Original Article

Annals of Behavioral Medicine

, Volume 39, Issue 1, pp 79-90

First online:

Direct and Buffering Effects of Social Support Among Gynecologic Cancer Survivors

  • Kristen M. CarpenterAffiliated withDepartment of Psychology, The Ohio State University Email author 
  • , Jeffrey M. FowlerAffiliated withComprehensive Cancer Center, The Ohio State University Medical Center
  • , G. Larry MaxwellAffiliated withGynecologic Disease Center and U.S. Military Cancer Institute, Walter Reed Army Medical Center
  • , Barbara L. AndersenAffiliated withDepartment of Psychology, The Ohio State UniversityComprehensive Cancer Center, The Ohio State University Medical Center

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There are few studies of QoL among long-term gynecologic cancer survivors; available data suggest significant sequelae of disease and treatment. Research clarifying circumstances that improve difficult survivorship trajectories is lacking.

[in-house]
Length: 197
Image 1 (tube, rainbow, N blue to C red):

The present study examines whether social support moderates the relationship between physical functioning and psychological outcomes by testing the stress-buffering hypothesis.


Participants (N = 260) were gynecologic cancer survivors (cervical, n = 47; endometrial, n = 133; ovarian, n = 69; vulvar, n = 11). Compromised physical health was conceptualized as multidimensional. Social support (SNI, PSS-Fa, PSS-Fr, ISEL) was tested as a buffer of adverse psychological outcomes (IES-R, CES-D).


Results for traumatic stress provided evidence for buffering; whereas social support was of general benefit for depressive symptoms. Effects varied by source and type of support.


These results suggest that circumstances for gynecologic cancer survivors burdened with physical symptoms may be worse for those with fewer support resources, providing needed insight into a common target of psychosocial interventions for cancer survivors.


Gynecologic cancer Cancer survivorship Social support Traumatic stress Depressive symptoms